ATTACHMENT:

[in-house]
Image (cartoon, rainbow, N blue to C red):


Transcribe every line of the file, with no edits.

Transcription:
[in-house]
Image (cartoon, rainbow, N blue to C red):